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American Defenders of
Bataan & Corregidor
Memorial Society


How many POWs were there?

Approximately 26,000 American military and civilian personnel were held by the Japanese as POWs during World War II.  Almost 11,000 died in captivity.  

The best published summation is contained in E. Bartlett Kerr's excellent book: "Surrender and Survival: The Experience of American POWs in the Pacific" published in 1985 and are reproduced below.  In coming weeks we will modify these figures so they match current research efforts, however, the modifications really represent modest adjustments of Kerr's figures and will not change the overall figures significantly.

Total American POWs surrendered by Country

Philippine Islands          22000
Wake Island 1555
Guam 400
Java 890
Celebes 255
China 200
Japan & elsewhere 300
Total 25,600

American POWs died in captivity by Country

Philippine Islands       5135
Wake Island 100
Manchuria 175
Japan & elsewhere 1200
Burma / Thailand 130
Korea 70
Total 10650

American POWs liberated by Country

Philippine Islands     1500
Manchuria 1200
Japan 11400
Burma Thailand 480
Korea 150
Celebes (Indonesia) 200


Total 14950

The Hell Ships of WWII

While the nightmarish horrors of the Bataan Death March and Camp O’Donnell have captured popular notoriety, survivors of Japanese POW camps typically recount their time aboard POW transport ships, the “Hell Ships”, as being the most terrible experiences of their captivity.  Hell Ships were Japanese cargo ships that carried Allied POWs to locations throughout the Japanese Empire to be employed as forced labor supporting the war efforts of the Japanese military and civilian corporations.  Because the transports were unmarked, many were attacked and sunk by Allied submarines and aircraft with the result that over 21,000 Allied Prisoners of War and Asian forced laborers perished at sea.  The Hell Ships remain one of the least known tragedies of the Pacific War.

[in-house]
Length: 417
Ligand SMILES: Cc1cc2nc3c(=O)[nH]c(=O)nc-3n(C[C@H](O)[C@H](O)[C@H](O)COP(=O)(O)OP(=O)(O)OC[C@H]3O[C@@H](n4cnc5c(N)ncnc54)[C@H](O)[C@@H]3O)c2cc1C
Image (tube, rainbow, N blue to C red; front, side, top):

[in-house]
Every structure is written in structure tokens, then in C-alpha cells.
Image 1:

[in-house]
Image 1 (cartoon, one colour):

Aboard the Hellships 

Conditions aboard the transports were appalling.  Hundred or event thousands of men, wearing little more than rags, were packed, “like sardines in a can” into unlit, unventilated, cargo holds.   In the tropical heat the holds were sweltering.  In winter, traveling the icy seas to Japan, they were freezing.  Food, and especially, water, were in short supply for the POWs; but the crews and guards were not restricted in their use.  If the men were lucky, water was rationed in canteen cups; if not, water was dispensed by the spoonful, or the POWs went with none at all.  Food, when delivered, often consisted solely of small amounts rice, or on trips to Japan, millet, a hard grain particularly ill-suited for men suffering from diarrheal diseases.  Sanitation was almost non-existent.  Relatively healthy men could wait in long lines to climb the ladder to the deck to use primitive wooden “benjos” hung over the sides of the ship, but those sick with dysentery were unable to climb or wait.  Often, the prisoners were denied access to the deck and were forced to use small overflowing waste buckets.   Dysentery spread rapidly as waste flowed throughout the spaces were men ate, lay, and slept. 

Illness and Disease--Part of the Toll

Starvation, dehydration and dysentery took an appalling toll.  Some 20 Americans died during the voyage of Tottori Maru in Oct and Nov 1942, but the terrible conditions left the men so weakened that more than 180 succumbed during their first terrible winter in Korea and Manchuria.  During October and November 1942, three ships, Tofuku, Singapore, and  Dai-nichi Maru, carried more than 3,000 British and Allied POWs from Singapore.  Nearly 200 died aboard the ships, but more than 300 others perished after arrival due to dysentery or pneumonia--diseases that could have been successfully treated with the Red Cross medicines withheld by the Japanese.  Analysis of POW deaths in Japan that at least half of the 1100 plus American POWs who died in Japan, did so in large part due to depravations suffered aboard the Hell ships.